Magna's new AWD system powers 2011 Kia Sportage

  • 20-Aug-2010 04:19 EDT

Cutaway view of the DynaMax AWD system. The multidisc clutch pack (upper right center) is applied by hydraulic pressure provided by the motor-pump (bottom). Sophisticated computer controls make quick changes in front-rear torque split but aim for maximum torque to the front wheels for fuel economy when possible.

The newest all-wheel-drive system (AWD) from a European Tier 1 is making its debut on a 2011 crossover—from Korea. The supplier is Austrian manufacturer Magna Powertrain, whose DynaMax system is being installed on the Kia Sportage. The business arrangement is another indication that global suppliers now regard the Korean brands as customers for their latest and best, rather than cheaper last-generation technology.

The DynaMax AWD coupling is basically like some others in that an electric motor operates an oil pump to pressurize a housing with a multidisc clutch. The hydraulic pressure applies the clutch so required torque is transferred from the front-drive-based system to the rear differential—the greater the pressure, the more torque is shifted to the rear.

However, there are numerous differences vs. other systems, both within the coupling and with the high level of active control that speeds response, to improve overall performance.

First, the CAN bus (Controller Area Network) monitors signals, principally throttle position, steering angle, vehicle speed, and road texture (an algorithm that includes wheel speed sensor signals). The signals go to the AWD computer, which calculates the ideal front-rear torque split that it anticipates.

The computer then operates the motor at up to 10 rpm to run the pump, to build up the required hydraulic pressure (maximum of 320 psi/2.0 MPa) for the clutch. This is accomplished with the aid of a feedback signal from a pressure sensor on the clutch housing. The motor stops when the correct clutch-apply pressure is reached.

At start-up the system presets the front-rear torque distribution so there is no slip on the front axle. As the vehicle moves down the road, the DynaMax computer continuously monitors sensor readings, to anticipate changes in upcoming driving conditions.

The computer recalculates impending torque split requirements from the CAN bus data and, if necessary, makes instantaneous adjustments in motor-pump-to-clutch-housing system oil pressure with the help of the housing pressure sensor.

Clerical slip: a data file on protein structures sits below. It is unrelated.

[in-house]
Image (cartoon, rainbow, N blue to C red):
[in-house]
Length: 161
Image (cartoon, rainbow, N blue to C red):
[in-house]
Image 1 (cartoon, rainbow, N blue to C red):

Because Magna engineers designed the DynaMax system to react quickly in changing traction conditions, such as encountering an icy road patch, it never starts from an "off" position.

If the pressure must be increased (for more torque transfer to the rear), the motor turns forward to operate the pump. If the front-end traction is good, the computer simply backs off the motor-pump assembly to reduce clutch-apply pressure. Then more torque (and if it's appropriate, all the torque) is delivered to the front wheels. There are no pump valves to open and close.

The pump is a gerotor type. Engineers note that its tight internal tolerances enable it to maintain commanded pressure for a short duration, as effectively as a plunger- or valve-type pump. If the time period for steady state becomes extended, so that leakage starts to reduce the apply pressure, the pump runs to reload the hydraulic circuit as required.

As a result, the DynaMax computer's typical response time to "tune" for an impending change in torque-split requirement is 50-100 ms. If a torque increase is needed from the engine, it takes up to 300 ms to build up, observed Walter Sackl, Magna Powertrain's global product manager, so in some cases the engine may determine the actual time period.

In any event, the response of the DynaMax itself should occur well within 150 ms, Sackl said.

The computer algorithm for the clutch looks for consistently good front-end traction and when possible will maintain 100% to the front wheels for fuel economy. The algorithm, however, is adaptive; in "sporty driving" it will apportion torque as needed between front and rear, Sackl said, and it will transfer 100% to the rear if appropriate.

The up-to-100% front-or-rear torque split, in conjunction with the AWD computer's active control approach, also minimizes oversteer and understeer in normal driving situations, he added. In addition, the system has a manual-select position for a 50-50 torque split.

The DynaMax coupling was sized for light weight and engineered for minimum energy use. Its 727 lb·ft (1000 N·m) peak torque design capacity is more than adequate, even with a generous safety margin, because the new Sportage's 2.4 L engine's rated peak torque is 168 lb·ft (228 N·m). However, Kia intends to use this coupling in forthcoming vehicles.

The Sportage has a tow capacity of 2000 lb (907 kg); Kia's testing showed that even with maximum loads, including hill climbing, the coupling's internal temperature never reached a thermal shutoff level. A contributing factor is the cooling provided by the large oil capacity of the DynaMax housing, Sackl said.

The fluid fill, unlike competitive designs, is life of vehicle, he added.

Kia has an exclusive arrangement with Magna Powertrain that with required competitive development times should last for two model years. The DynaMax coupling is being built in Korea in a plant that is a joint venture between Magna Powertrain and Hyundai WIA, a parts manufacturing affiliate.

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